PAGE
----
Alliances with foreign carriers, a new revenue stream from “unbundling” services, and inducting newer and more efficient aircraft: the aviation industry in India is hoping for a turnaround after a few disastrous years.
Survival was first on the agenda for the major carriers which posted a total debt of over $13 billion. Air India, the government-owned carrier, managed to get a sugar-coated deal from its owner, which enables it to access capital of Rs.30,000 crore over a period of time. The private players looked for suitors.
Soon after the Jet-Etihad deal, in which the West Asian airline picked up a 24 per cent stake, which literally lifted Jet from the red, it is now the turn of low cost carrier IndiGo to be wooed. Early this year, British Airways was in negotiations with it. This May, Qatar Airways confirmed that it was in talks with IndiGo on a code share arrangement. SpiceJet was approached early this year by the Singapore-based low-cost carrier, Tiger Airways. There are also reports of Emirates evincing interest in SpiceJet. Industry insiders believe that both airlines will firm up their alliances and strategies before AirAsia India commences pan-India operations.
Foreign carriers are interested in picking up stakes in Indian airline operators despite the fact that the largest six have a huge debt burden. The reason? Last year, airlines in India flew 67.5 million passengers. The prediction is that in a country of over a billion people, this number will only grow. The only other country that can outclass India in the numbers game is China. But China’s airlines have not shown any serious interest in their stakes being picked up by foreign airlines. And, by and large, airlines in China have turned in a profit.
Focus on balance sheets
Another focus area for airlines in India is balance sheets. Make money through all possible legal ways is the slogan. Early this month, Air India announced a reduced baggage allowance for economy class passengers.
Jet Airways (and Jet Konnect) announced new baggage rules for economy class passengers. IndiGo decided to charge for preferential seating. Before this, the Directorate General of Civil Aviation allowed airlines to charge fees for “unbundled services” such as check-in baggage, preferential seats, meals/snacks or drink (barring drinking water) and the carriage of sporting equipment and musical instruments on their domestic flights. Though this does not look to be a major revenue grosser, statistics from the United States is a pointer: According to the U.S. Bureau of Transportation Statistics, the top 15 airlines collected $3.5 billion in baggage fees in 2012. Reservation change fees fetched them another $2.6 billion. But for the additional revenue generated, the top 10 U.S. airlines together could not have posted a net profit of $201 million in 2012; in 2011, the net loss was $5,00,000.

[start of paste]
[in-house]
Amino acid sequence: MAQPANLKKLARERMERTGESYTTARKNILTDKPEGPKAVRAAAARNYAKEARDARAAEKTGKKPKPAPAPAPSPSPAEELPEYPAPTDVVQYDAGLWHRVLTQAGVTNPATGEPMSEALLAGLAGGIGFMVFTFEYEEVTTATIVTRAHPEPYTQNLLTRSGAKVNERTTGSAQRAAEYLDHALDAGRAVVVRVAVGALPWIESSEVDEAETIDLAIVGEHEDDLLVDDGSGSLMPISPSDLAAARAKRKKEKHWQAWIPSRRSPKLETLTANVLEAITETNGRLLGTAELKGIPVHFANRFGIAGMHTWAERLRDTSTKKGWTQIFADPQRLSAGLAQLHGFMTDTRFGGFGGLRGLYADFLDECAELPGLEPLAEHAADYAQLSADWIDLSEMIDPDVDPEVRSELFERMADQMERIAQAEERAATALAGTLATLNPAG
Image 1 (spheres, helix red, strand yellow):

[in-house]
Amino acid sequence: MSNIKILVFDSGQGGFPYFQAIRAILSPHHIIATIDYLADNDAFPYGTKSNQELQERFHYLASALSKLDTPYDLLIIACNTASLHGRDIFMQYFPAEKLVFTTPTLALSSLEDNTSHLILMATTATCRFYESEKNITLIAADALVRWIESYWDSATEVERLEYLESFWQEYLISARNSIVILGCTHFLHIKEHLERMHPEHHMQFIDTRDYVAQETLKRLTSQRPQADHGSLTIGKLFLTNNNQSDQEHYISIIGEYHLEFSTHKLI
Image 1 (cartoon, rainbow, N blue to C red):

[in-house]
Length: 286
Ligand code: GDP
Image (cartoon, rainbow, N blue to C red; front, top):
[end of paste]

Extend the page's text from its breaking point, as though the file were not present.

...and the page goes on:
Airline representatives say charging for baggage and preferred seats is just the beginning. That’s because when it comes to transporting passengers, profits are meagre. Worldwide, despite revenue of $671 billion in 2012, the profit earned was just over one per cent. In no other sector are profit margins more wafer-thin than in aviation. According to the International Air Transport Association (IATA), the trade association of airlines, the profit forecast for 2013 is 1.6 per cent ($10.6 billion). Airlines need a seven to eight per cent profit to cover capital costs.
In 2012, the fuel bill for airlines worldwide (which are a part of IATA), was $209 billion, and, this year, that number is slated to go up. Fuel accounts for 33 per cent of the operating costs of an airline worldwide. In India, the situation is worse. According to a few operators, fuel costs are pegged at 45 per cent of operating costs. And costs of operating in India are increasing, especially with the opening of remodelled/newer airports.
Substantial hikes will not go down well in the price-sensitive Indian market, where airlines have just managed to wean away about five per cent of the travelling population to air travel. Unlike the case of the diesel and petrol price hikes in the road transport sector, where the transporter or other service providers routinely pass on the hike to the consumer, an airline operator is not in a position to do this as the cost-conscious Indian flyer has to be kept in mind. Hence, there is a ceiling beyond which an airline operator cannot go for fear of driving at least a section of consumers back to train travel.
The Kingfisher story
There is also one more factor that might actually check the “make more money” motives of the Indian carriers — AirAsia India, which has already filed an application with the Civil Aviation Ministry to launch operations. The ensuing competition will, possibly, remind travellers of the time when airlines sold tickets below cost price because of intense competition among the top players in the Indian market: Jet, SpiceJet, Indigo, Air India, and Kingfisher.
From 2005 till end-2011, Kingfisher, which had a presence rivalling that of the biggest Indian carriers, fought a disastrous war that threatened to bring down more than just the Bangalore-based carrier. If Kingfisher had deep pockets to remain in the market for a few more years, it could well have pulled down at least one major Indian private player.
The Kingfisher story is still fresh in the minds of the bosses of Indian carriers. This is apparent from the manner in which the Indian carriers have gone about tinkering with their business plans. If the industry turns in healthier balance sheets at the end of this year, it will be because most airlines have incorporated the lessons learnt from the Kingfisher debacle.
For Indian airline operators it is time to act because the window of opportunity will not last long.
With new revenue opportunities, airlines look to turning in healthier balance sheets